A lot of spices will continue to taste the same once they are ground up into tiny bits, so it's easy to assume the same can be said about black pepper. However, using that pre-ground stuff is one of the worst seasoning mistakes you can make for a reason.

The moment black peppercorns are cracked open, they start to lose their potency. By getting pre-ground pepper, you're forcing yourself to use a larger amount of seasoning that may or may not even taste good.

Just use a pepper grinder. It's way more worth it.

Contrary to popular belief, ground up spices can and do go stale. Most people don't know that and won't recognize when it happens until it's too late. Sadly, this means that one of the worst mistakes you can do when seasoning is something you might not even know you're doing.

If you're using old spices that have gone stale, you'll notice that your food tastes stale, musty, or flavorless. Ground up herbs do not last as long as intact spices, even if they're in an airtight bottle.

It's often better to just grind your own herbs than to try to store ground up seasonings at home.

You do not cook with lemon.

When life gives you lemons, you can do way more than make lemonade! Lemons are about as useful as salt and pepper when it comes to adding a punch of flavor.

Many chefs believe that one of the worst cooking mistakes people make is that they forget how good lemon is at adding flavor. It can be used on fish, veggies, pasta sauce, and even mashed potatoes. A good rule of thumb to follow is to add some lemon whenever you feel like a dish is missing something.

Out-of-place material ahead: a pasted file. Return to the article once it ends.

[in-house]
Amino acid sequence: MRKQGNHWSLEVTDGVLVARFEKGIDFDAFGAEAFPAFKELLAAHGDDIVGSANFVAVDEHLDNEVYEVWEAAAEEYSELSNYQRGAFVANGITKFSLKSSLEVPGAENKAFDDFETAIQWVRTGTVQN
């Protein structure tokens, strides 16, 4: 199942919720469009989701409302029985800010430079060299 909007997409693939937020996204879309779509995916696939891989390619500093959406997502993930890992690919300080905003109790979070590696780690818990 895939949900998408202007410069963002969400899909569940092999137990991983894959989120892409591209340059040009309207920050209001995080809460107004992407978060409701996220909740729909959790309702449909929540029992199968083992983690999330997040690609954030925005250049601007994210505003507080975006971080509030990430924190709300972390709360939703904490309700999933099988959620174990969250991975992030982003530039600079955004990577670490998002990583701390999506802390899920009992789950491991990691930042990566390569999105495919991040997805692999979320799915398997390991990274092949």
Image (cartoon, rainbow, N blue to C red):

This is one of the worst cooking mistakes to avoid; and yet, there are people out there who just skim recipes and expect the recipe to turn out well.

How can you actually make the food correctly if you don't read how to do it? Moreover, how can you stray from the recipe by replacing ingredients with things that "kinda look like it" and hope for the best? You can't.

Speaking as someone who had Chicken Paprikash made with ground up chili thanks to a parent who didn't read labels, please don't do this. It won't taste anything like the stuff from the best healthy cookbooks you've been wanting to read.

You do not match the seasonings to the food you're making.

Seasonings are a lot like clothing. To make things really taste great, you're going to need to match! Everyone knows that certain seasonings taste better with certain foods.

For example, classic pairings like lemon and fish or rosemary and steak will always work. On the other hand, weirder pairings, such as cinnamon and fish, or sugar and steak, will not work well.

If you're really not good at picking seasonings, it's best to stick to the "tried and true."

My boyfriend was the one who called this one of the worst seasoning mistakes out there, and up until he told me about it, I wasn't aware people even did this. So, let's set the record straight, shall we?

You need to season your steak before you cook the steak. You need to add spices and salt to your burgers when they are still ground-meat patties. If you're making a turkey in the oven, I suggest rubbing kosher salt on it before you turn on that oven.

If you don't season the meat before you cook the meat, the spices will not absorb in. That means your meat will taste bland and gross, no matter what cooking method you choose.


About the Creator

Mackenzie Z. Kennedy

Socialite and dating guru Mackenzie Kennedy knows all about the inner workings of people and society as a whole. It's not only her lifestyle - it's her passion. She lives in Hoboken with her pet dogs, Cassie and Callie.